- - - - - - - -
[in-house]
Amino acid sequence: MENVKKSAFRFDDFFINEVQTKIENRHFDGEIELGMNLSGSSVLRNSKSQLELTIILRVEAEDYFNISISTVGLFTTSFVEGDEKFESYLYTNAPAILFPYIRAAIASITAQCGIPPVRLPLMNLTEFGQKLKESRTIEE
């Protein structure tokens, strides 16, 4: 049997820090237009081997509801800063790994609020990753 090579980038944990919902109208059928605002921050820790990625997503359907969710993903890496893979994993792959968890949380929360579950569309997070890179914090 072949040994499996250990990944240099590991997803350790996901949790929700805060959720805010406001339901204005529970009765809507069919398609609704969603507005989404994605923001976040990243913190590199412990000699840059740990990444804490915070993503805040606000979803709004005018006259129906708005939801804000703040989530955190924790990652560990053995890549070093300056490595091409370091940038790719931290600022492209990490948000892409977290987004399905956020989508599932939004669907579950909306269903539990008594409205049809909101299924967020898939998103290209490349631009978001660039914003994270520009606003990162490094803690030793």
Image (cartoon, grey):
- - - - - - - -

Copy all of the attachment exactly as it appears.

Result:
[in-house]
Amino acid sequence: MENVKKSAFRFDDFFINEVQTKIENRHFDGEIELGMNLSGSSVLRNSKSQLELTIILRVEAEDYFNISISTVGLFTTSFVEGDEKFESYLYTNAPAILFPYIRAAIASITAQCGIPPVRLPLMNLTEFGQKLKESRTIEE
């Protein structure tokens, strides 16, 4: 049997820090237009081997509801800063790994609020990753 090579980038944990919902109208059928605002921050820790990625997503359907969710993903890496893979994993792959968890949380929360579950569309997070890179914090 072949040994499996250990990944240099590991997803350790996901949790929700805060959720805010406001339901204005529970009765809507069919398609609704969603507005989404994605923001976040990243913190590199412990000699840059740990990444804490915070993503805040606000979803709004005018006259129906708005939801804000703040989530955190924790990652560990053995890549070093300056490595091409370091940038790719931290600022492209990490948000892409977290987004399905956020989508599932939004669907579950909306269903539990008594409205049809909101299924967020898939998103290209490349631009978001660039914003994270520009606003990162490094803690030793």
Image (cartoon, grey):